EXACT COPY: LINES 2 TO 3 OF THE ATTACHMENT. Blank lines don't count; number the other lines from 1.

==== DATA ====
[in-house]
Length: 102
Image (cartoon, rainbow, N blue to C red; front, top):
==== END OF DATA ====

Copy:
Length: 102
Image (cartoon, rainbow, N blue to C red; front, top):